The military wing of Hamas, the Izz ad-Din al-Qassam Brigades, on Wednesday claimed that the Palestinian Authority provided the lead that helped Israel track down and kill Ahmed Jarrar, the terrorist suspected of heading the cell that killed Rabbi Raziel Shevach last month.
Meanwhile, Hamas and other Palestinian groups renewed their demand for an end to security coordination between the PA and Israel.
Jarrar, a member of Hamas’s military wing, was killed in a shootout with the IDF on Tuesday in the village of Al Yamoun in the Jenin area.
A video posted on the Al Qassam website claimed that immediately after Shevach was shot dead on January 9 in the northern West Bank, Israel and the PA began working together to identify the perpetrators.
“The Palestinian Authority provided the lead to the enemy,” the video charged.
It said that after becoming aware of the PA’s collaboration with Israel, Jarrar began preparing himself for a “confrontation” with the IDF.
According to the Al Qassam video, Jarrar managed to evade capture during an IDF raid on January 17.
During that operation, Jarrar’s cousin, who is also called Ahmed, was shot dead.
The Hamas group claimed that despite a manhunt conducted by Israel and the PA, Jarrar afterwards managed to evade capture at least twice.
A senior PA security official in Ramallah strongly denied the Hamas claims as “fabrications” and “lies.”
Following the killing of Jarrar, several Palestinian groups, including Hamas, renewed their call to halt security coordination between the PA security forces and Israel.
Hamas’s political leaders and spokesmen have thus far refrained from holding the PA responsible for the killing of Jarrar, although they continue to demand an end to security coordination with Israel.
The Al Qassam video marked the first attempt by Hamas to directly link the PA to the killing of Jarrar.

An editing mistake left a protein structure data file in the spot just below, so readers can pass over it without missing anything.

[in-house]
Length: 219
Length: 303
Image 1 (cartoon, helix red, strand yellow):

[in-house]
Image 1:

The PA has long faced criticism from many Palestinians over continued security coordination with Israel.
“Security coordination (with Israel) is a crime against our people and resistance and a clear act of collaboration,” said Ismail Radwan, a senior Hamas official in the Gaza Strip. “Security coordination must end.”
Another top Hamas official, Ismail Al Ashkar, said that his movement was convinced that security coordination between the PA and Israel had “played a major role” in tracking down Jarrar.
“Our people and our factions need to take a stance against this security coordination,” Al Askar added.
Abu Mujahed, spokesman for the Palestinian Resistance Committees, a coalition of various terror groups in the Gaza Strip, claimed that were it not for the security coordination, Israel would not have been able to track down and kill Jarrar.
“Security coordination with Israel must end for once and for all,” Abu Mujahed told the Hezbollah-affiliated Al Mayadeen TV station.
Palestinian Islamic Jihad and the Popular Front for the Liberation of Palestine also repeated their appeal to the PA to end all forms of security cooperation with Israel in wake of the killing of Jarrar.
PLO and Fatah leaders who met in Ramallah recently recommended that the Palestinians suspend security coordination with Israel. The PA government announced on Tuesday that it has formed a committee whose goal is to devise plans for terminating relations with Israel on all levels, including security and economic ties.